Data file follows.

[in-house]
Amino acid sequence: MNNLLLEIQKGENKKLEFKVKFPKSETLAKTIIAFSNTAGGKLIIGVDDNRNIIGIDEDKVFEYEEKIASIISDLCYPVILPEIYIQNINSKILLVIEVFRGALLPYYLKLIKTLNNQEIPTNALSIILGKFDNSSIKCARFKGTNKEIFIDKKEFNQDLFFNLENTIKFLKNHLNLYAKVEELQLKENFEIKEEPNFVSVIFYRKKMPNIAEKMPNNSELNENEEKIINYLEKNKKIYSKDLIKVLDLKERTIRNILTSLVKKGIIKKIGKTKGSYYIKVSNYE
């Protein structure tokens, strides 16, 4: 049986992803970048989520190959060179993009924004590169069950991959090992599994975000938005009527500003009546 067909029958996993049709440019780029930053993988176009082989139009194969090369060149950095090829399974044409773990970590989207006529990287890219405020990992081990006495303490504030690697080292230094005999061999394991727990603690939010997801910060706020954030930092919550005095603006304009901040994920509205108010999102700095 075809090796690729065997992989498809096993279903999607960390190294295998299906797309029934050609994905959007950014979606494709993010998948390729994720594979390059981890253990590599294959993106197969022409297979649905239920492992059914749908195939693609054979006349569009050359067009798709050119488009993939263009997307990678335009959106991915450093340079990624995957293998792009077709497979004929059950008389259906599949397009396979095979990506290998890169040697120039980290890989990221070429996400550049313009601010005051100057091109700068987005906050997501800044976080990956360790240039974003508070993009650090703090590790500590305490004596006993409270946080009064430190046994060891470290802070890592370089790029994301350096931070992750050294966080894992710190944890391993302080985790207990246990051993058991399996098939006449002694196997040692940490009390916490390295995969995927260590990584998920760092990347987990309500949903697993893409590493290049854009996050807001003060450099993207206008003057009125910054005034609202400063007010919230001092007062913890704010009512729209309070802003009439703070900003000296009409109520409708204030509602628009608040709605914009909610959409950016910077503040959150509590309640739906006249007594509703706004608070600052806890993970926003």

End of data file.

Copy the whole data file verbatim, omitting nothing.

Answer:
[in-house]
Amino acid sequence: MNNLLLEIQKGENKKLEFKVKFPKSETLAKTIIAFSNTAGGKLIIGVDDNRNIIGIDEDKVFEYEEKIASIISDLCYPVILPEIYIQNINSKILLVIEVFRGALLPYYLKLIKTLNNQEIPTNALSIILGKFDNSSIKCARFKGTNKEIFIDKKEFNQDLFFNLENTIKFLKNHLNLYAKVEELQLKENFEIKEEPNFVSVIFYRKKMPNIAEKMPNNSELNENEEKIINYLEKNKKIYSKDLIKVLDLKERTIRNILTSLVKKGIIKKIGKTKGSYYIKVSNYE
């Protein structure tokens, strides 16, 4: 049986992803970048989520190959060179993009924004590169069950991959090992599994975000938005009527500003009546 067909029958996993049709440019780029930053993988176009082989139009194969090369060149950095090829399974044409773990970590989207006529990287890219405020990992081990006495303490504030690697080292230094005999061999394991727990603690939010997801910060706020954030930092919550005095603006304009901040994920509205108010999102700095 075809090796690729065997992989498809096993279903999607960390190294295998299906797309029934050609994905959007950014979606494709993010998948390729994720594979390059981890253990590599294959993106197969022409297979649905239920492992059914749908195939693609054979006349569009050359067009798709050119488009993939263009997307990678335009959106991915450093340079990624995957293998792009077709497979004929059950008389259906599949397009396979095979990506290998890169040697120039980290890989990221070429996400550049313009601010005051100057091109700068987005906050997501800044976080990956360790240039974003508070993009650090703090590790500590305490004596006993409270946080009064430190046994060891470290802070890592370089790029994301350096931070992750050294966080894992710190944890391993302080985790207990246990051993058991399996098939006449002694196997040692940490009390916490390295995969995927260590990584998920760092990347987990309500949903697993893409590493290049854009996050807001003060450099993207206008003057009125910054005034609202400063007010919230001092007062913890704010009512729209309070802003009439703070900003000296009409109520409708204030509602628009608040709605914009909610959409950016910077503040959150509590309640739906006249007594509703706004608070600052806890993970926003």